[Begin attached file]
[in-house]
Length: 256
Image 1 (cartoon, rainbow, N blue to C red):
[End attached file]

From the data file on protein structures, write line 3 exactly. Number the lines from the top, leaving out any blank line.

Image 1 (cartoon, rainbow, N blue to C red):